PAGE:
Two or three hours to kill. I debated going back home, but I’d just have to make my way back downtown in rush hour traffic. So I moved the Honda to a parking garage tried to find a signal for my laptop.
A search for Daniel Jarvis turned up nothing. But a new search for Livvy— Olivia Heinrich. That turned up some unwelcome news.
She was dead.
I zeroed in on the story. Olivia Heinrich, 26, had been walking home from her car to her apartment on the west side early in the morning when something had attacked her. Maybe a dog, or a coyote—sometimes they wandered into the city. Whatever. She’d been mauled to death, dying from blood loss and severe trauma on the sidewalk outside her apartment building.
Just this morning. So maybe nobody at the company knew.
I had a CPD detective on speed dial. She wouldn’t be happy to hear from me, but . . .
“Dudovich. What the hell, Jurgen? I’ve got enough to deal with without another horror story. Homicides are up, in case you haven’t heard.”
“President Trump will take care of that in a week, remember? And then you’ll be out of a job. So in the meantime, what can you tell me about the Olivia Heinrich murder?”
Elena Dudovich was a cop. A good one, honest and tough. She sort of hated me, because I told her stories she couldn’t always ignore, and then she was stuck twisting them into reports her superiors would accept. Vampires? Serial killers with a taste for blood. Demons? People gone crazy. Monsters terrorizing a strip joint? Hallucinations caused by bad booze.
But she’d a few things she couldn’t just write off. So sometimes she listened to me. “I swear to God, Jurgen, if this is another imaginary monster . . . wait, Heinrich? That one isn’t even classified as a homicide. Just an unexplained death. What the hell is this?”
“Just tell me what killed her. Or can you do that without getting permission from City Hall?”
“Screw you. I can’t send you the pictures, but they ain’t pretty. Have you had lunch yet? I haven’t and it’s almost five o’clock. It was last night, around 12:30 or 1:00. She was—I don’t know. The first officer who found her said she looked like a crocodile attacked her. Of course, he’s from Florida. There aren’t any crocodiles in the sewers here.” She paused. “Are there?”
“It’s a dragon.” Dudovich wouldn’t believe me, but I had to tell her. “There’s a dragon loose in the city. I don’t know where it’s hiding, but he’s hunting stolen gold. I’ll try to take care of it, but you should tell everybody—”
“What the hell?” It should have been a shout, but Dudovich kept her voice close to a whisper. “Every time I think you can’t surprise me with some new bullshit, you manage to raise it to a new level of insanity. What the hell would I tell anyone? Look out for a dinosaur coming out of every alley? You really think I can put this out there?”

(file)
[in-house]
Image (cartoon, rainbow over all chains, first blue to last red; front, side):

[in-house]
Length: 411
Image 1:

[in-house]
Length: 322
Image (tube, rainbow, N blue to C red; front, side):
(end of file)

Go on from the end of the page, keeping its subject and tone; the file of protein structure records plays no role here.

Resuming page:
I rubbed my eyes. “No. Of course not. I just thought I should warn somebody. I don’t know what’s going to stop this thing—shotguns, maybe hand grenades. I’ve got Rachel looking into it—”
“Good, because I trust her a lot more than you. Maybe it’s a girl thing.” Dudovich groaned softly. “Damn it. Hughes is coming over. Got to go. Call me, or—on the other hand, don’t call me. All right?” She hung up.
Great. I looked at my phone, thought about calling Rachel just to hear her voice, even if she yelled at me, and decided what I really needed was a beer.
So I headed to Marco’s. Cory might not be there for an hour, or even longer, but I could nurse a beer for that long. The w-fi was good. I read everything I could find on the internet about dragons.
Smaug, from The Hobbit. Pete’s Dragon, from the Disney cartoon. The Jabberwock. The dragons of Pern. Godzilla. The Komodo dragons. Drogon, Viserion, and Rhaegal, the dragons hatched by Daenerys Targaryen in Game of Thrones. Okay, I admit I checked out a few hot pictures of Emilia Clarke on that one. I’m a guy.
None of this was helping me find Daniel Jarvis, Leo’s gold, or Ramathor. I was just killing time until—
“You.” Cory’s face was pale. She dropped a small backpack on the floor and slid into a chair. “Livvy is dead.”
“I just found out.” I waved for a waiter.
“Is it about Dan? He didn’t . . .” She ordered a vodka with orange juice. “He wouldn’t do something like that.”
“He didn’t kill her.” I didn’t want to start talking about dragons just now. “What did they tell you?”
“It was on the internet. Sheila called a meeting, then she sent everyone home. I guess a cop called her.” Cory blinked, looking out the window. “She said they might want to talk to all of us.”
“They usually do.” I finished my beer and ordered another when the vodka came. “So what can you tell me about Dan? He and Livvy were dating?”
Cory giggled. Then she gulped her vodka. “Sorry. I just—I shouldn’t laugh. I like Livvy. She’s funny and smart, and we work together a lot. But . . . well, she wasn’t the only one.”
“Dan and . . . other women?”
“Well, hey, he wasn’t married or anything.” She twirled a strand of blond hair around a finger. “It wasn’t anything serious. He was a lot more open about Livvy, and that was okay. But he still wanted to hook up. And that was okay, too.” She turned her eyes on me, daring me to judge her.